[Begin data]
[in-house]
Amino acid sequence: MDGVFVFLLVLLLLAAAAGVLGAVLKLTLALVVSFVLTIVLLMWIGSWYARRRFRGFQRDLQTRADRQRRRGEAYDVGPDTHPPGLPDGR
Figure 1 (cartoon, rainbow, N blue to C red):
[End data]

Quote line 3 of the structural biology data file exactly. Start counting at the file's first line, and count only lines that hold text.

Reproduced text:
Figure 1 (cartoon, rainbow, N blue to C red):